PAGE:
There is little doubt that the novels of Joseph Conrad will soon gather dust in forgotten sections of the few remaining libraries around the world. For one thing, Conrad’s novels have been castigated by China Achebe, who tells us that we should not read Conrad’s masterpiece Heart of Darkness because the author has the audacity to use the “N” word with abandon. This is absurd, of course, and I have defended Conrad in print against this attack. But Achebe’s essay is much read while mine also gathers dust in libraries around the world. So it goes.
But, more to the present point, Conrad’s novels will not be read because the novelist was an impressionist, which is to say, he demands of the reader that he or she engage their imagination in order to enter the world the novelist has created. He hints and suggests rather than describing in detail; he allows the reader to infer from the written words what it is that has not been written. And while it is certainly the case that there are fewer and fewer readers of books it is even more certain that there are fewer and fewer of those who have the capacity to engage Conrad’s novels or indeed any work of art with his or her imagination. The problem is, of course, that our imaginations have become shriveled by the entertainment industry which is convinced that the more graphic and vivid the entertainment the more success it will have. God forbid that we should have to make an effort!
This is a shame because the world of the artist is a richer and fuller one than the one we occupy in our ordinary goings and comings. But it demands that we pay attention and that we imagine what is NOT being said.
In Heart of Darkness, for example, we are taken into the world of avarice and greed on a major scale as Europe is in the process of pillaging the world of Darkness in order to make a buck — the only real value that seems to be shared among those who are not the exploited of this world. In that novel, the hero, Marlowe, is seeking out the man Kurtz who has disappeared and, because he has been very successful in bringing tons of ivory back to Belgium, is sought by the company — if he is still alive. Marlowe wends his way past villages that have been laid waste by greedy Europeans; he eventually finds himself approaching the hut where he is told Kurtz is to be found. He describes the sight as he approaches:
“You remember I told you I had been struck at the distance by certain attempts at ornamentation, rather remarkable given the ruinous aspect of the place. Now I had suddenly a nearer view, and its first result was to make me throw my head back as though from a blow. Then I went carefully from post to post [in front of the hut] with my glass and saw my mistake. Those round knobs were not ornamental but symbolic; they were expressive and puzzling, striking and disturbing — food for thought and also for the vultures if there had been any looking down from the sky; but at all events for such ants as were industrious enough to ascend the poles. They would have been even more impressive, those heads on the stakes, if their faces had not been turned toward the house. Only one, the first I had made out, was facing my way.”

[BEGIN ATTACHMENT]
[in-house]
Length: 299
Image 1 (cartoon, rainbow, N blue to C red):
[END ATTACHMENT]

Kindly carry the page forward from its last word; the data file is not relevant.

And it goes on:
The passage goes on for a bit, but Conrad does not describe the orgies and the murder of the blacks that Kurtz was engaged in to satisfy his sensualism and greed, his lust for human flesh and elephant tusks, not to mention his contempt for the blacks he exploited. Conrad demands that we imagine for ourselves. Can we do that any longer? I do wonder.
Another impressionistic novel that I finished lately also provides us with bits and pieces and asks us to out them together to form a complete picture. I speak of the Nobel Prize winner Yusunari Kawabata’s Thousand Cranes — which draws on the Japanese Tea Ceremony to assist us in putting the pieces together. Doubtless it is more difficult for us Westeners to do without the proper indoctrination into the complexities of those ceremonies, but it is made even more difficult because most of us are forced to read the original in translation. Those difficulties aside, we must, above all else, think and attend carefully to what is said in order to imagine what is not being said.
Toward the end of the novel, Kikuji, the hero of the novel, has found his way into the interior of himself and realizes that the woman Fumiko is the one person in the world for whom he is able to feel real love. As he approaches her house very near the end of the novel he discovers from a young girl that Fumiko has “gone away with a friend.” Kikuji realizes at once that this means the Fumiko, like her mother, has taken her own life. Kawabata does not spell this out for us. He suggests it, as does Conrad in Heart of Darkness, and we are left with the terrible awareness of the emptiness in the man’s soul — a sense that comes to us as we put together the pieces the author has provided us with, using our imagination.
Kawabata’s novels, like Conrad’s, will also gather dust on the shelves of libraries around the world — in the East no less than the West, as we can infer (even at this distance) from the impact Western capitalism has had on the orient. For better or worse — and many a Japanese writer suggests that it is worse, much worse — the East is being informed by the West and Western values, such as they are. But in any event, both novelists demand that we use our imaginations and we are slowly but surely losing the ability to do that. How sad.